Calle Vicente Sancho Tello #28, 3A, Valencia, Spain.  That's the street corner plaque, and the lovely tiles below show her address.



It's a rather ordinary apartment, on a shady street, just above a tattoo parlor, which I'm fairly certain was not there when she lived there in the 1950s.


 That's her balcony.

This is the tile work inside the lobby of her building.  And that's pretty much all there is to see.  I'm very glad we had this opportunity to see where Doug's grandmother lived during her years in Spain.

Thursday, July 9, 2015

Valencia, Day Two


 My second day in Valencia was rather mellow.  I sat around relaxing in the living room of the lovely apartment we are staying in, enjoying the wonderful breeze coming in off of the Mediterranean, and the view through the large doors that were open to the balcony.


Later on I went for a walk, and then I headed down to the venue where the evening jazz concerts at the International Trombone Festival were taking place.


Here are two up and coming European jazz stars.  They were absolutely amazing.  One of the highlights of our time in Valencia was going to the concerts each night and hearing great music from players that we've never heard before.  There are a lot of excellent jazz musicians in Spain and throughout Europe as well.


Wednesday, July 8, 2015

Valencia, Day One

First day in Valencia - I took way too many pictures and here they are:



Our first day in Valencia began with a long layover in the Madrid Airport following our overnight flight from Philadelphia.  This is the quietest airport I've ever been in, probably due to the unique curved ceiling design.  It's crazy but very effective.  The support beams follow the colors of the rainbow through the length of the airport.  It's really an amazing sight that these photos can't even begin to capture.  The light fixtures were also very cool.



This is an extremely low-budget trip we are on, but we're getting a pretty nice vacation out of it.  The plane was free (frequent flyer miles from all the expenses we had building our house), public transportation mostly, and AirBnB lodging.  And lucky for us, it turns out that food is very inexpensive in Spain too.  The first things we saw after getting off the Metro from the Valencia airport were the bullfighting ring and the train station.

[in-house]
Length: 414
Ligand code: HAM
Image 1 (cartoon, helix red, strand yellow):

We are staying in an apartment in the Ruzafa neigborhood, which is full of restaurants and bars, beautiful old architecture, and some rather brilliant graffiti.  It's an artsy area and a fun place to be.  Our apartment is on the 5th floor so we don't hear much street noise, and fortunately there is an elevator.  The owner is an architect who lives here part time and has his office here and rents out the two spare bedrooms. He's super nice, speaks excellent English, gives good advice, and keeps the apartment very clean.  It's been a great place to stay, and much more pleasant than any hotel that we could have afforded.


Here's our room.  It's small and simple, but very clean.  And we have the run of the apartment.  It's a great place to hang out, which a lot of hotel rooms are not.


The ad said "vintage apartment" and it comes complete with a skeleton key for our room!  Here are a couple of views from our balcony:



Although extremely sleep-deprived, having stayed up all night the night before we left on our more than 24 hour trio of flights, we were determined to go to bed at a "normal" time.  So off we went for a walk around our groovy neighborhood.  Here's some of what we saw:









Window selfie time!


Even the sidewalks and grates are snazzy!






Maybe a little Jameson will help us sleep

My tired toes


Our local corner store.  We walked in to buy water and the guy said "How about a samosa?"  So glad we followed his suggestion - they were SO GOOD.


This cafe is on the bottom floor of our building.

The foyer

The living room.  I felt right at home since mine is the same color.

Looking down at the street from the balcony






Origami birds in a bookstore window.

The hallway outside our bedroom.  Time to say goodnight.